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In the wake of the quake: Japanese towns choose energy self-sufficiency

Date: 12-Oct-17
Author: Billy Pringle

The trend towards self-reliance for energy has lead to microgrids in Japan and increased interest in storage in Australia

The trend towards self-reliance for energy has lead to microgrids in Japan and increased interest in storage in Australia

Like many cities and towns in Japan, Higashi Matsushima suffered severe damage during the 2011 earthquake and tsunami, losing three-quarters of its homes and 1100 people. In repairing the damage, the city of 40,000 people has chosen to pursue energy self-sufficiency through the construction of micro-grids and decentralised renewable power generation.

In addition to the initial devastation, dozens of towns and cities faced power outages as blackouts shut down large sections of the grid. The new system in Higashi Matsushima includes solar arrays and battery storage, which will keep the city running even if surrounding areas are blacked out.

The rebuild relied on funding from the Japanese Government’s National Resilience Program, which has allocated US$33.32 billion this fiscal year for development efforts across the country. While the program is mainly for rebuilding capabilities in the event of another disaster, many municipalities are following Higashi Matsushima’s lead and creating microgrids to reduce their reliance on large power plants.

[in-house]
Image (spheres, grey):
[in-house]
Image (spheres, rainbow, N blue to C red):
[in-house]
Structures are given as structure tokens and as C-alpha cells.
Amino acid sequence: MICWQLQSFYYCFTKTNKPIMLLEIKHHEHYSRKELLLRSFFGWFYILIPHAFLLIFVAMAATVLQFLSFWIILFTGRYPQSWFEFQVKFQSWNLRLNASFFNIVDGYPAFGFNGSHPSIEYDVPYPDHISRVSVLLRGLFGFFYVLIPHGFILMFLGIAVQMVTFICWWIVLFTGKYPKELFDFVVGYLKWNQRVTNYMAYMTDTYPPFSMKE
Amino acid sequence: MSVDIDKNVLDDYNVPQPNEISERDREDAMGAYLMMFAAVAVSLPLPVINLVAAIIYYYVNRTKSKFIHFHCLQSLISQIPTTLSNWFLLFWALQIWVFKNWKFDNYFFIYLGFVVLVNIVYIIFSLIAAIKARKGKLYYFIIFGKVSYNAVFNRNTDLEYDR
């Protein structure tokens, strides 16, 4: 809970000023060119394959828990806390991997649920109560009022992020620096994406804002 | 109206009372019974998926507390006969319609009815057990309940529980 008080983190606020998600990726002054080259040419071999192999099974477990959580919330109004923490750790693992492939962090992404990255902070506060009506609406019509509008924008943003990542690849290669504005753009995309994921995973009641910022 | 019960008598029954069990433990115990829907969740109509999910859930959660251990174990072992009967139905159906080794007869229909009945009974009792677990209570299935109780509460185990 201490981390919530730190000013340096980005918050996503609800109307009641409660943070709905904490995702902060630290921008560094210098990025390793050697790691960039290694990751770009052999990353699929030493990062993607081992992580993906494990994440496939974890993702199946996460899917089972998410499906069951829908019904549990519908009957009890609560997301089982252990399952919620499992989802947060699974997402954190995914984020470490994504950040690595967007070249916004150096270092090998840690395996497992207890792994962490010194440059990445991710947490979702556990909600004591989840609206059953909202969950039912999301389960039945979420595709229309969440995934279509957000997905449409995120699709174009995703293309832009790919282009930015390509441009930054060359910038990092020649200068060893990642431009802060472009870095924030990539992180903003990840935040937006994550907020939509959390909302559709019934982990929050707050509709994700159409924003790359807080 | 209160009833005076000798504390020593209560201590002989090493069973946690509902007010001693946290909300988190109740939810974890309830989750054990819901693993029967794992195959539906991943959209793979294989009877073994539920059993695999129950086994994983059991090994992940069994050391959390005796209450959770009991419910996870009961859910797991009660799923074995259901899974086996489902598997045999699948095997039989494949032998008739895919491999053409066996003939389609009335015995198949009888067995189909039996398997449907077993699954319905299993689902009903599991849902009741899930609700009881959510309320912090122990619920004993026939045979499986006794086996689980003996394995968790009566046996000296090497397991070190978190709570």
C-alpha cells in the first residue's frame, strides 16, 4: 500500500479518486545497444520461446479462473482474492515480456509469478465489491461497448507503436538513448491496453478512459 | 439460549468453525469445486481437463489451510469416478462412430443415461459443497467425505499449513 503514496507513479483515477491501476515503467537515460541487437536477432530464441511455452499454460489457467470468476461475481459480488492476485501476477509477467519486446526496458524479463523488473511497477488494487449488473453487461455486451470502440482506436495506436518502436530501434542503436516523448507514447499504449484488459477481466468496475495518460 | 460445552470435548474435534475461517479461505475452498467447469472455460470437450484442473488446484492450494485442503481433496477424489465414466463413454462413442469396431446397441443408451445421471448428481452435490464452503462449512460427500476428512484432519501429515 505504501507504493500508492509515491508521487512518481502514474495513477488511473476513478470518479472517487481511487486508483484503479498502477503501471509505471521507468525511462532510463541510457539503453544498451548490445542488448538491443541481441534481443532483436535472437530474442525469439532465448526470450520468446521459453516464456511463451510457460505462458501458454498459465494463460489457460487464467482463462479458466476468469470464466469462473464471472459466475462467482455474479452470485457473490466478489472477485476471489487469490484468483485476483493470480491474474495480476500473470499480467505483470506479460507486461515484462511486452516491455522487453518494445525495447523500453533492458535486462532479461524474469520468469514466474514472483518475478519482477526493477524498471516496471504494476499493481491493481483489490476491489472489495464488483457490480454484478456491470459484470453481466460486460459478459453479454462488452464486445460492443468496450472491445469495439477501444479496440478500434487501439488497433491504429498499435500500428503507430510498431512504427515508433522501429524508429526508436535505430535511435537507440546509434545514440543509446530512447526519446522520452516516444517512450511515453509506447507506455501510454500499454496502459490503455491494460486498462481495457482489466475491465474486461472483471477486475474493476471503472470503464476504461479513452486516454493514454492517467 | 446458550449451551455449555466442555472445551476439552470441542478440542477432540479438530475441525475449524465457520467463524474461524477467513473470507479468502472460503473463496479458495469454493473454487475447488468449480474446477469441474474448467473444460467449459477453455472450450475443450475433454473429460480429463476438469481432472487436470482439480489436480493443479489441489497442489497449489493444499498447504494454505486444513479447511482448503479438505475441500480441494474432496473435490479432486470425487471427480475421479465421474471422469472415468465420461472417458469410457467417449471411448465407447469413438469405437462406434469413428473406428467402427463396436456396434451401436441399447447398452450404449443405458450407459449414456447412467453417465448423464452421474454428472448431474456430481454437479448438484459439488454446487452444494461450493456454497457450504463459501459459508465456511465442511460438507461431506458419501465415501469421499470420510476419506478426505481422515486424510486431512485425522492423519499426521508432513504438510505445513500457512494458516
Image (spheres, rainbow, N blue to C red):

“Since Fukushima, there has been a gradual elaboration of policies to realize that kind of local autonomy, local consumption paradigm,” said Professor Andrew Dewit, an expert in energy policy at Tokyo’s Rikkyo University.

The notion of energy self-reliance has been gaining greater currency in Australia too. But while Australia leads the world in domestic solar generation, businesses have been slow to follow. That picture is changing rapidly however, in the face of recent price increases and a climate of energy uncertainty.  New research by consultancy firm SunWiz shows that business solar installations have jumped 60 per cent during the past 18 months to 40,736 systems.

“It used to be electricity was comparably cheap for business when compared to residential electricity prices, but what we are seeing now is electricity prices for businesses really skyrocket and it’s started to become a significant expense,” SunWiz managing director Warwick Johnston told ABC News.

“What we’re also noting when new buildings are erected, warehouses and factories, very often there’s a large solar system installed the day that the factory is erected, that’s a common and emerging trend,” Mr Johnston said.

Just as occurred with solar panels, the cost of battery storage is now heading south at speed. As this occurs, the old paradigm of large centralised energy generators transmitting power to distant users is gradually being displaced by a model of local homes and businesses as both users and generators of clean, renewable energy.

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Positive Environment News has been compiled using publicly available information. Planet Ark does not take responsibility for the accuracy of the original information and encourages readers to check the references before using this information for their own purposes.


Billy                                             Pringle
Author: Billy Pringle

Billy has completed a Masters in Discourse and Social Theory and is a frequent volunteer and supporter of Planet Ark.

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